Both RioCan Real Estate Investment Trust (TSX:REI.UN) and Smart REIT (TSX:SRU.UN) have had a nice pullback recently. Since price and yield have an inverse relationship, lower prices have pushed the yields of these REITs higher.
So, now is a good time for income investors to review them and perhaps pick up some shares to increase their income, but which should you invest in?
In the last six months, RioCan Real Estate Investment Trust (TSX:REI.UN) units have declined nearly 7% and yields almost 5.4%.
RioCan is the largest retail REIT in Canada with an enterprise value of about $15 billion at the end of the third quarter. It has interests in 301 retail and mixed-use properties, including 15 which are under development.
RioCan earns nearly 66% of its revenue from Ontario, almost 15% from Alberta, and close to 9% each from Quebec and British Columbia, respectively.
The company’s top 10 tenants include quality names such as Loblaw, Canadian Tire, Wal-Mart, and Cineplex. Together they generate 32.8% of its revenue and have a weighted remaining average lease term of eight years. No tenant contribute more than 5% of its revenue.
In the first three quarters, RioCan’s funds from operations (FFO) per unit increased by 1.6% compared to the same period last year.
With a sustainable FFO payout ratio of 84%, a diversified portfolio across about 8,000 tenants, and a committed occupancy north of 95%, RioCan should have no problem maintaining its 5.4% yield.
The 7% pullback brings RioCan, the largest Canadian retail REIT, to a fair valuation compared to its long-term multiple. The company maintains a strong balance sheet and a sustainable 5.4% yield.
Previously known as Calloway REIT, Smart REIT (TSX:SRU.UN) has had an even more severe decline than RioCan. In the last six months, Smart REIT has pulled back more than 13%.
So, the REIT trades at a fair valuation compared to its historical normal multiple and yields almost 5.4% with a sustainable FFO payout ratio of 74%.
Smart REIT has more than 141 shopping centres and an office tower across Canada. It has 72% of its properties anchored by Wal-Mart.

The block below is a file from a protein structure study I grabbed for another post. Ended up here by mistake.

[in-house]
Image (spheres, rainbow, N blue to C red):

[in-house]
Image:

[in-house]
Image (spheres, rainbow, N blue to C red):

The company’s top 10 tenants include quality names such as Wal-Mart, Canadian Tire, Loblaw, and Lowe’s. Together they generate 49.2% of its revenue. There’s concentration risk in its the largest tenant, Wal-Mart, which contributes 26.6% of its revenue.
The company has maintained an occupancy north of 98% in the last year. Additionally, its portfolio has an average lease term to maturity of 6.5 years.
The 13% pullback brings Smart REIT to a fair valuation. The company maintains a decent balance sheet and a sustainable 5.4% yield. However, unitholders need to keep an eye on how Wal-Mart is doing.
Both RioCan and Smart REIT trade at a fair valuation and yield about 5.4%. If you can only invest in one, it’ll be difficult to choose between the two quality names.
However, RioCan has a more diversified portfolio, more cash, and lower debt levels to invest for future growth. So, RioCan is a better choice for conservative investors.
This article represents the opinion of the writer, who may disagree with the “official” recommendation position of a Motley Fool premium service or advisor. We’re Motley! Questioning an investing thesis — even one of our own — helps us all think critically about investing and make decisions that help us become smarter, happier, and richer, so we sometimes publish articles that may not be in line with recommendations, rankings or other content.
Fool contributor Kay Ng has no position in any stocks mentioned.